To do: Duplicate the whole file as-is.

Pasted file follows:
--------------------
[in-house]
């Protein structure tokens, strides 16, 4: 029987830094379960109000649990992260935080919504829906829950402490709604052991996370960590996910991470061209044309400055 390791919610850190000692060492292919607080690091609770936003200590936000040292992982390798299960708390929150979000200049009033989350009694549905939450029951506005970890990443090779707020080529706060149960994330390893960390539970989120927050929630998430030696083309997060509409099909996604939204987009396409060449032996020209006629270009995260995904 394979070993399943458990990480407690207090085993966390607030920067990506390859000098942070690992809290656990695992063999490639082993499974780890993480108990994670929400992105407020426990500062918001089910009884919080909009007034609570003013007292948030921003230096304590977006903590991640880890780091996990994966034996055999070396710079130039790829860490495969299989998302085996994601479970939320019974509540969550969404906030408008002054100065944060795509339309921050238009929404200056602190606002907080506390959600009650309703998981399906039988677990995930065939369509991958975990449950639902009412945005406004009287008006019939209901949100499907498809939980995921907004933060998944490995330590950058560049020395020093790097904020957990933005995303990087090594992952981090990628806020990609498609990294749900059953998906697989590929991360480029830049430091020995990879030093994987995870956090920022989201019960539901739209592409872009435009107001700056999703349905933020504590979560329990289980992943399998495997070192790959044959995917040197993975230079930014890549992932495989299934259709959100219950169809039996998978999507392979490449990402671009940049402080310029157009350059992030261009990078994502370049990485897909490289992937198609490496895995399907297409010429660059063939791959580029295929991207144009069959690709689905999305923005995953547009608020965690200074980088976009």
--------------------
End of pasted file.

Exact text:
[in-house]
């Protein structure tokens, strides 16, 4: 029987830094379960109000649990992260935080919504829906829950402490709604052991996370960590996910991470061209044309400055 390791919610850190000692060492292919607080690091609770936003200590936000040292992982390798299960708390929150979000200049009033989350009694549905939450029951506005970890990443090779707020080529706060149960994330390893960390539970989120927050929630998430030696083309997060509409099909996604939204987009396409060449032996020209006629270009995260995904 394979070993399943458990990480407690207090085993966390607030920067990506390859000098942070690992809290656990695992063999490639082993499974780890993480108990994670929400992105407020426990500062918001089910009884919080909009007034609570003013007292948030921003230096304590977006903590991640880890780091996990994966034996055999070396710079130039790829860490495969299989998302085996994601479970939320019974509540969550969404906030408008002054100065944060795509339309921050238009929404200056602190606002907080506390959600009650309703998981399906039988677990995930065939369509991958975990449950639902009412945005406004009287008006019939209901949100499907498809939980995921907004933060998944490995330590950058560049020395020093790097904020957990933005995303990087090594992952981090990628806020990609498609990294749900059953998906697989590929991360480029830049430091020995990879030093994987995870956090920022989201019960539901739209592409872009435009107001700056999703349905933020504590979560329990289980992943399998495997070192790959044959995917040197993975230079930014890549992932495989299934259709959100219950169809039996998978999507392979490449990402671009940049402080310029157009350059992030261009990078994502370049990485897909490289992937198609490496895995399907297409010429660059063939791959580029295929991207144009069959690709689905999305923005995953547009608020965690200074980088976009």